Population dynamics of predator-prey relationships

Predation affects the population dynamics of both the predator and prey population. In this simulation you investigate predator-prey relationships over time and compare your findings with laboratory and field study results.

First work individually. Click the Simulation button in the bottom right corner. Familiarize with the simulation and the variables. Work out a trend that can be observed in the population cycles of predator and prey species and interpret the results if you change different variables.

Then pair up with a partner. Take it in turns to outline your results. Work out general model-based equations and principles of predator-prey relationships over time that can be concluded from the simulation. Eventually, evaluate pros and cons of data obtained in the laboratory, in a field study and in a computer based simulation.

 Weblink: Predator-Prey Simulation (you need to use the Google Chrome browser for this simulation).


Die Bedrohung von heimischen Eschepopulationen durch eine invasive Pilzart

Ein Beitrag des WDR5 Wissenschaftsmagazins vom 1.6.2016 lautete „Auch die Esche stirbt weg – Aber es gibt Hoffnung“. Auf der Grundlage des Beitrags lässt sich die Arbeit zu ökologischen Auswirkungen invasiver Arten auf lokale Populationen zusammenfassen und vertiefen:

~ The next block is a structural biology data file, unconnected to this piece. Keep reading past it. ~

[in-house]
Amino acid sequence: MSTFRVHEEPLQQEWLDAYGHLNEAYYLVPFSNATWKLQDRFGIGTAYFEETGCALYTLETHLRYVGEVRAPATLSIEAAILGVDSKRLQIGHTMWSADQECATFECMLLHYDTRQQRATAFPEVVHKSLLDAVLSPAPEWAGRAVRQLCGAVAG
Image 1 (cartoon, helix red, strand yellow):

WDR5 Leonardo Podcast vom 1.6.2016 [hier klicken]

Aufgabe: Fasst die zentralen Aussagen der Artikel mit Blick auf die Folgen der biologischen Invasion von Arten auf heimische Ökosysteme stichpunktartig zusammen und tauscht euch anschließend mit einem Partner darüber aus; leitet anschließend gemeinsam auf Grundlage bisheriger Unterrichtsinhalte begründet Folgen für das Ökosystem ab (für Schnelle: diskutiert zusätzlich sinnvolle Maßnahmen zur Stabilisierung der Eschepopulationen und begründet diese aus ökologischer Perspektive).

Partner A (eher allgemein gehaltene Artikel): 

WN – Artikel: Bäumen geht es etwas besser 

Spektrum- Artikel: Der Weltenbaum vergeht

Partner B (Fachartikel): 

Waldwissen: Sorgenkind Esche. Stand der wissenschaftlichen Erkenntnis.

Invasive species and their consequences for ecosystems

Invasive species take hold outside their native range.You want to research about examples of invasive species and the consequences for the ecosystem in which they become established.


You research about different examples of invasive species and focus in detail on one local example (Münsterland) as well as on one ‚global‘ example. Explain the consequences for that given ecosystem.

You create an online mind map/cluster on your topic with bubble.us or mindmapfree to visualize your results in a sensible way. Export the mind map as an image and send it via E-Mail/ save on a memory stick.


You design and give a talk on invasive species and the consequences of invasive species for ecosystems (based on your mind map / cluster).


How does interspecific competition affect population growth?

G.F. Cause, a Russian scientist, formulated the competitive exclusion principle in a classic series of experiments in the 1930s: If two species are competing for the same resource, the species with a more rapid growth rate will outcompete the other. Consequently, two species can not occupy the same niche.

Bildschirmfoto 2016-04-24 um 21.11.39This virtual lab is a brilliant exercise in making and testing hypothesis as well as interpreting experimental data with regard to a hypothesis/ question.